Power said he is pleased with the progress so far, adding that shortlisted candidates have “advanced to the next stage of the commercial process”.
That’s nice, but it was expected that a deal would be done by now. Fortescue now anticipates that if an agreement is reached, it’ll probably happen “in the September quarter”.
And while we’re talking infrastructure investment, Fairfax Media reports that the $12 billion industry fund HostPlus is assembling its own in-house team to look at infrastructure opportunities.
Aurizon, GVK Hancock Coal
Aurizon chief executive Lance Hockridge admits that not all projects in the Galilee Basin in Central Queensland will go ahead, but he’s reportedly confident that the haulage company’s deal with GVK Hancock Coal will proceed.
Speaking to The Australian Financial Review after a lunch in Brisbane, Hockridge said some of the speculation that the greenfield $6 billion rail link from the Basin to Abbott Point “simplistic”.
“GVK is trying to convince people about the viability of the mine. We’re confident that at a certain point [in] time that will go ahead given the quality of the resource. But whether they can get it done is a matter for them,” said Hockridge, according to the AFR.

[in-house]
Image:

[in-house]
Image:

The slumping coal price has brought a number of deals into question. Just two days ago, Nathan Tinkler finally gave up his stake in Whitehaven Coal.
The AFR reports that Whitehaven managing director Paul Flynn says the company will “seriously consider” offering Tinkler’s lender Farallon Capital Management a board seat.
After the Tinkler sale, Farallon emerged with another 9.9 per cent of Whitehaven to bring its total holding to 16.6 per cent.
Meanwhile, the head of the world’s largest processor of palm oil, Martua Sitorus, has popped up on the Whitehaven register as its newest substantial shareholder with 5.8 per cent.
Sitorus is chief operating officer at Singapore’s Wilmar International and it looks like he and his associated companies started buying Whitehaven stock back in March.
Gambling company Tabcorp has secured exclusivity for its New South Wales retail wagering market by handing over $75 million to the state government.
Speaking of NSW and gambling, today’s the day Crown and Echo Entertainment have to submit their proposals to the O’Farrell government for their Sydney casino expansion plans.
And finally, embattled resources company Intrepid Mines survived an attempted coup yesterday by a Hong Kong private equity group.